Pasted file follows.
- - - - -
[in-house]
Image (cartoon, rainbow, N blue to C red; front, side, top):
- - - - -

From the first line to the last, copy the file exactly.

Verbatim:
[in-house]
Image (cartoon, rainbow, N blue to C red; front, side, top):